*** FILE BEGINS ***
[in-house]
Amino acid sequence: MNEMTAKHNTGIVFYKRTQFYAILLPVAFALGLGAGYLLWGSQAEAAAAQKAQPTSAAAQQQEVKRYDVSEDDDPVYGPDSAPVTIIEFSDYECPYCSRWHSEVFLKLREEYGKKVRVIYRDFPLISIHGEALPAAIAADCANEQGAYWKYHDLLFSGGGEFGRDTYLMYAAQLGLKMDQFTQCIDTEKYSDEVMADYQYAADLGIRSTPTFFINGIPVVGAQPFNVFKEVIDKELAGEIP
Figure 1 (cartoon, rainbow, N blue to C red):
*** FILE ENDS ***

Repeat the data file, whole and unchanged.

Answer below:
[in-house]
Amino acid sequence: MNEMTAKHNTGIVFYKRTQFYAILLPVAFALGLGAGYLLWGSQAEAAAAQKAQPTSAAAQQQEVKRYDVSEDDDPVYGPDSAPVTIIEFSDYECPYCSRWHSEVFLKLREEYGKKVRVIYRDFPLISIHGEALPAAIAADCANEQGAYWKYHDLLFSGGGEFGRDTYLMYAAQLGLKMDQFTQCIDTEKYSDEVMADYQYAADLGIRSTPTFFINGIPVVGAQPFNVFKEVIDKELAGEIP
Figure 1 (cartoon, rainbow, N blue to C red):